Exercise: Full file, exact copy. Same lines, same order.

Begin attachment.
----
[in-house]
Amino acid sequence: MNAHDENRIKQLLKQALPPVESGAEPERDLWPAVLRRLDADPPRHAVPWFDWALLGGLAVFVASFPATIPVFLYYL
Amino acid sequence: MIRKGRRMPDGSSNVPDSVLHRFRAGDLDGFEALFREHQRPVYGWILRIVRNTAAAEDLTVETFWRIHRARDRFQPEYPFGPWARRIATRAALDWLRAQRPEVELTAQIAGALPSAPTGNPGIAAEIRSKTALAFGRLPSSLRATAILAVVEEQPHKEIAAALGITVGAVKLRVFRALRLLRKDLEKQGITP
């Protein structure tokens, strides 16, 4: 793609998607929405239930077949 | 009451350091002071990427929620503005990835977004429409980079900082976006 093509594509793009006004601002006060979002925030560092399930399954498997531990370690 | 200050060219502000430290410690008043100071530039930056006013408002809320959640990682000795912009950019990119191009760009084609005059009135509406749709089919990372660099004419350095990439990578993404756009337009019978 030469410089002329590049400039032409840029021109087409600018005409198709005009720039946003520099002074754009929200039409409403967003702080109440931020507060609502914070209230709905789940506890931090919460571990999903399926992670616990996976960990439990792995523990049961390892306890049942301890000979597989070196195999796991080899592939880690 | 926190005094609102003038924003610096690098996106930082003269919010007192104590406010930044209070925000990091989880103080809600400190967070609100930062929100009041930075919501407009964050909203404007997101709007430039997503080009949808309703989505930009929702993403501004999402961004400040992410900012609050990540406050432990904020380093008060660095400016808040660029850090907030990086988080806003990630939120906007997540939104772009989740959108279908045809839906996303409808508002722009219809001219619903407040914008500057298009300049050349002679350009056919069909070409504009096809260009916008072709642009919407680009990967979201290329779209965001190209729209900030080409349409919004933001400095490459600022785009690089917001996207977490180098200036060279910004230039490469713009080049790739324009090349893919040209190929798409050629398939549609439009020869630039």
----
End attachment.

[in-house]
Amino acid sequence: MNAHDENRIKQLLKQALPPVESGAEPERDLWPAVLRRLDADPPRHAVPWFDWALLGGLAVFVASFPATIPVFLYYL
Amino acid sequence: MIRKGRRMPDGSSNVPDSVLHRFRAGDLDGFEALFREHQRPVYGWILRIVRNTAAAEDLTVETFWRIHRARDRFQPEYPFGPWARRIATRAALDWLRAQRPEVELTAQIAGALPSAPTGNPGIAAEIRSKTALAFGRLPSSLRATAILAVVEEQPHKEIAAALGITVGAVKLRVFRALRLLRKDLEKQGITP
């Protein structure tokens, strides 16, 4: 793609998607929405239930077949 | 009451350091002071990427929620503005990835977004429409980079900082976006 093509594509793009006004601002006060979002925030560092399930399954498997531990370690 | 200050060219502000430290410690008043100071530039930056006013408002809320959640990682000795912009950019990119191009760009084609005059009135509406749709089919990372660099004419350095990439990578993404756009337009019978 030469410089002329590049400039032409840029021109087409600018005409198709005009720039946003520099002074754009929200039409409403967003702080109440931020507060609502914070209230709905789940506890931090919460571990999903399926992670616990996976960990439990792995523990049961390892306890049942301890000979597989070196195999796991080899592939880690 | 926190005094609102003038924003610096690098996106930082003269919010007192104590406010930044209070925000990091989880103080809600400190967070609100930062929100009041930075919501407009964050909203404007997101709007430039997503080009949808309703989505930009929702993403501004999402961004400040992410900012609050990540406050432990904020380093008060660095400016808040660029850090907030990086988080806003990630939120906007997540939104772009989740959108279908045809839906996303409808508002722009219809001219619903407040914008500057298009300049050349002679350009056919069909070409504009096809260009916008072709642009919407680009990967979201290329779209965001190209729209900030080409349409919004933001400095490459600022785009690089917001996207977490180098200036060279910004230039490469713009080049790739324009090349893919040209190929798409050629398939549609439009020869630039």